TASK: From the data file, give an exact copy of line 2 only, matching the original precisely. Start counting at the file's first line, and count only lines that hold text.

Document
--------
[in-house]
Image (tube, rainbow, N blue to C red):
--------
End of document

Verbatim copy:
Image (tube, rainbow, N blue to C red):